LANSDOWNE, Pa. (WPVI) -- The notion of changing Lansdowne from a dry town to a wet town has been talked about for decades.
Not since prohibition in 1920s have they allowed the sale of alcohol here.
But soon, voters in Lansdowne and in Marple Township will determine if restaurants once and for all should be allowed to sell alcoholic beverages.
Jamey Reilly runs Jamey's House of Music, a small restaurant in Lansdowne offering live jazz and blues, and what Reilly calls the best food this side of NYC.
"The one thing we're lacking is the ability to sell wine and beer with dinner. And that's a real draw back," says Reilly.
Having Philadelphia nearby where restaurants can sell alcoholic beverages puts Lansdowne's restaurants at a real disadvantage.
Deborah Brodeur of the Lansdowne Economic Development Council says, "At the moment, we have five, but we are losing them left and right. So we're really trying to keep those restaurants open and try to bring a few more back."
Brodeur spearheaded the effort to put the question of restaurants being able to sell alcohol on the ballot this May. An effort that the manager at Aviana's--a BYOB--hope passes.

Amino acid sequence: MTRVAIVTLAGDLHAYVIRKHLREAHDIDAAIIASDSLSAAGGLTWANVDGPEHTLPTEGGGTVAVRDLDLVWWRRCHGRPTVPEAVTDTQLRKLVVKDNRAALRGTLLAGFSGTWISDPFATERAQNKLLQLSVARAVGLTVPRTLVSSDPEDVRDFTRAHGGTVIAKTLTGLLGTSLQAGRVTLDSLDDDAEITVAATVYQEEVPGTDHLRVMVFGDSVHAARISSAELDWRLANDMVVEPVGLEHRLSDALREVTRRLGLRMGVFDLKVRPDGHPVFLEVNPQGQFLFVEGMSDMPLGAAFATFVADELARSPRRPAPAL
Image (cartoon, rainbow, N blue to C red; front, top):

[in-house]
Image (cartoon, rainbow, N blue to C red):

"It would just be more feasible for everybody to come here, make it more easy for everybody, you know, like a one stop shop," says the manager Anna Netzer.
So just what do some of Lansdowne's residents think?
"They don't need to have alcohol at the restaurants," says Leon Craddock.
But Irvin Wingfield says he would like that.
"That would be nice for people that like to drink, so you won't have to go to a wine and spirit, you can get it while you're eating your food," he says.
Over in Marple Township where beer distributors and state stores are already allowed, voters will decide if bars and restaurants should be allowed to sell alcohol.
Resident Betsy Moore says, "We love the idea of it, it's a wonderful thing to have Broomall, Marple Township go with serving alcohol."
Jake Wells says, "The restaurant part would be nice, having drinks at the restaurant yes, but I don't know about bars. I don't think it will go through with them."
To this day, almost 100 years since prohibition began, there are 688 towns in Pennsylvania that are either completely or partially dry, including 10 other Delaware County municipalities.